A domain name can also function as a namespace, where it names an
abstract domain. For instance, my colleagues might refer to “the
cam.ac.uk domain”, and they might mean the University data network,
or they might mean the set of devices with names under
they often don’t mean the name itself!
To a large extent, it is a matter of convention whether a domain name represents an abstract domain or not - that is, whether the domain name is used as a namespace. But there are three ways that boundaries between domains become explicit in the DNS:
the stub resolver search path
$ORIGIN in zone files
Scalability, distribution, federation: in the DNS you delegate responsibility for some part of the namespace (a subtree of your domain) by introducing a zone cut.
In a zone cut the subdomain below the cut has its own separate zone file, its own SOA and NS records. You get your own zone when you register a domain name.
A zone cut has to occur at a
. in a domain name but not every
a zone cut.
dns.cam.ac.uk is in the same zone as
cam.ac.uk - there
is no zone cut between
cam - but
maths.cam.ac.uk is in
a different zone. The
dns subdomain is not delegated but the
Counterfactual thought experiment! If every
. in a domain name was a
zone cut then
www.cam.ac.uk (and every other hostname!) would have
to be in a separate zone from
In Cambridge our DNS management system allows us to control who has permission to update hostnames under which subdomains, without necessarily using DNS delegations and zone cuts to mark the boundaries. Chris Siebenmann has written about how they use subdomains for namespace classification in his department in Toronto.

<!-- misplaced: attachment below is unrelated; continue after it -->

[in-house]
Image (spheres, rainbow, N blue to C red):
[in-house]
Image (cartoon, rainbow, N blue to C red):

Back to the 1980s and the ARPANET / Internet protocol upgrade!
ARPANET users were used to typing single-label hostnames; none of them
wanted to have to rattle out
.berkeley.edu (or whatever) after every
hostname, on a serial terminal at 1200 baud.
So as a command-line user interface convenience, the DNS has a notion of your local domain. Remember the abstract notion of a domain, that models the scope of a network - its management, its physical and logical extent. In a DNS stub resolver you give it an idea of your local network by configuring its search path, or in simple cases just a domain name.
For example, I configure the search path on my workstation with
dns.cam.ac.uk (where my servers live),
csi.cam.ac.uk (devices in
uis.cam.ac.uk (lots of things such as my old git
server). That lets me type
ssh auth0 and log in to one of my
authoritative dns servers, or
ssh git to get to my git server, and
the stub resolver will use its search path to automatically append the
(hopefully) right parent domain onto the unqualified hostname that I
Usually it isn’t this complicated. For example, when I started work at
Cambridge almost all the computers I worked with were under
csi.cam.ac.uk so I could put
domain csi.cam.ac.uk in
/etc/resolv.conf and it would do the right thing, including walking
up the hierarchy to find the names of services like
jackdaw.cam.ac.uk which are not in the
It’s worth looking at the stub resolver options (you may recoil in horror) and their unpleasant history.
I’m going on a bit of a tangent now, because it involves some fun facts, even though it isn’t really about the question of subdomains.
Andrew Sullivan pointed out that a stub resolver
doesn’t just use the DNS to resolve names: it can use multicast DNS to
resolve names under
.local (mDNS is related to the DNS but quite
hosts files; or other name service protocols.
Ron Echeverri prompted me to talk about one of these others:
the JANET name registration scheme (NRS). The NRS had
hierarchial names a bit like the DNS, but it was implemented like the
hosts.txt - one big centrally managed hosts file.
(The reason the UK DNS TLD is